Eli Lilly’s Alzheimer’s Drug Donanemab Faces Delay in Approval for FDA Review

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Eli Lilly’s quest to bring donanemab, a promising Alzheimer’s treatment, to market has encountered a roadblock. The U.S. Food and Drug Administration (FDA) has postponed its approval decision and intends to convene an advisory committee to delve deeper into the drug’s safety and efficacy data. This delay pushes back the expected availability of donanemab beyond the first quarter of 2024.

Why the Delay? FDA Seeks Advisory Committee Input on Donanemab

The FDA seeks additional insights from its external advisors on two key aspects of donanemab’s application:

  • Safety: Brain swelling and micro-hemorrhages, known as ARIA (amyloid-related imaging abnormalities), are primary safety concerns associated with this class of Alzheimer’s drugs. In donanemab’s Phase 3 trial (Trailblazer-Alz 2), a significant portion (37%) of participants experienced ARIA, with three fatalities reported. Leqembi, another recently approved Alzheimer’s drug, has also been linked to patient deaths, albeit with a lower incidence of ARIA.
  • Unique Trial Design: The design of Trailblazer-Alz 2 differed from conventional Alzheimer’s drug trials in a couple of ways. Firstly, it allowed participants to discontinue taking donanemab once their brain scans confirmed clearance of amyloid plaques. Secondly, the study categorized participants based on tau protein levels, another hallmark of Alzheimer’s disease. The trial observed a 35% slower cognitive decline in the “intermediate” tau group receiving donanemab compared to the placebo group. This benefit dipped to 22% when participants with high tau levels (indicative of advanced disease) were included.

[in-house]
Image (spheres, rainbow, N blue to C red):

Eli Lilly believes a comprehensive presentation of the Trailblazer-Alz 2 results, particularly in the context of safety concerns, will be instrumental in securing approval for donanemab.

Donanemab: A Potential New Weapon in the Fight Against Alzheimer’s

Alzheimer’s disease is a progressive neurodegenerative disorder that robs individuals of their memory and cognitive abilities. It currently affects over 6 million Americans. Donanemab, like Leqembi, targets amyloid plaque buildup in the brain, a pathological feature of Alzheimer’s disease. Early signs suggest donanemab might offer a meaningful benefit in slowing disease progression, particularly for patients in earlier stages with “intermediate” tau levels.

Challenges and Uncertainties on the Road to Approval

While donanemab’s potential is undeniable, several hurdles remain before it reaches patients:

  • Safety Concerns: The high incidence of ARIA observed in the donanemab trial raises questions about its safety profile. The FDA will meticulously evaluate this aspect before granting approval.
  • Trial Design Considerations: The unique features of Trailblazer-Alz 2, particularly the discontinuation strategy and tau-based stratification, warrant thorough examination by the advisory committee.
  • Limited Treatment Uptake for Leqembi: Leqembi, the recently approved Alzheimer’s drug, has seen a slow uptake despite Medicare coverage. This sluggish adoption highlights the challenges associated with this class of drugs, including the need for frequent monitoring and scans.

The upcoming FDA advisory committee meeting will be pivotal in determining the fate of donanemab. A thorough review of safety data and the trial design is crucial to ensure patient well-being and establish the drug’s efficacy for the intended population.

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